Refusing Accountability (Zine)
This is a hard copy, sent in the mail. For the digital version click here.
Anyone who critiques cancel culture will be familiar with the question: well, what should we do instead? Critics of cancel culture who point out that harassment, exile, and the assumption of guilt don’t lead to justice or safety are often assumed to be saying that we should do nothing about interpersonal violence. Critiquing cancel culture is often framed as an anti-survivor stance. This is frustrating, because the reality is that cancel culture is not an effective tool for intervening on violence, and itself produces more survivors by subjecting people to campaigns of harassment and exile that they can neither defend themselves against or escape.
Our podcast, Fucking Cancelled is a socialist podcast that analyzes and critiques what we call the Nexus, a combination of social media, identitarianism, and cancel culture. We discuss what’s going wrong on the left with the aim rebuilding a robust left grounded in solidarity and compassion. We want a left that takes care of people and we want a left that gets shit done. Fucking Cancelled is critical of the relentlessly punitive and dogmatic instincts common in the Left/ish cultural sphere that we inhabit as left-wing, metropolitan queers and anarchists. It’s a podcast that seeks to analyze these dynamics and offer alternatives to them. The collective result of these punitive instincts is usually known as cancel culture: a widespread subcultural norm in which individuals can become targeted by large groups in retaliation for real or perceived transgressions, usually framed along identitarian lines. Outside commentators are usually only aware of cancellations involving wealthy and powerful celebrities, but the huge majority of cancellations target ordinary people. These ordinary people can be subjected to increasingly aggressive phases of group harassment, in which large numbers of people harass them, libel them, doxx them, ostracize them, attempt to jeopardize their employment and housing, and demand that their friends, associates and loved ones join in or risk becoming targeted themselves. All this is typically justified using the language of ‘accountability’.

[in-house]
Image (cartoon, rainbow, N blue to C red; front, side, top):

Since beginning our podcast and becoming vocal public critics of this way of relating to one another, we have often been asked what alternatives we bring to the table. If we can’t use cancel culture to police each other, how can we keep ourselves and our communities safe from bad actors? The instinctive reply of those of us who oppose this sort of thing—that cancellation doesn’t keep anyone safe, not really, and anyway is often itself the preserve of bad actors—often isn’t enough for people. And that’s fair: people want alternative models. Lots of people are aware on some level that the antisocial processes they see tearing apart their friend groups, activist scenes and political organizations are dangerous and detrimental, but they aren’t willing to break with the established social norms of their communities unless something better is offered to them, something that makes more sense.
There other models for intervening on violence without relying on the police, but many of them either explicitly or implicitly rely on the threat of cancel culture instead. There is often also a lack of distinction between interpersonal conflict and violence in these models, which can lead to inappropriate and disproportionate community response. Here, we offer our own thoughts on the matter. We’re two sober alcoholics with long term experience in 12 Step programs. We’ve made amends and taken responsibility for the ways we’ve acted out alignment with our integrity, and we’ve helped others do the same. We have experience intervening on, deescalating, and ending violent situations, without the cops and without anyone getting cancelled.
This zine is an edited transcript of Episode 6 of Fucking Cancelled. The episode, titled ‘Refusing to be Accountable: Responsibility, Boundaries, Intervention and Punishment’, is an analysis of violence and conflict and an exploration of some concrete alternatives to cancel culture and ‘accountability’ culture, based on our convictions as anarchists and socialists and our own transformative experiences with 12 Step programs.
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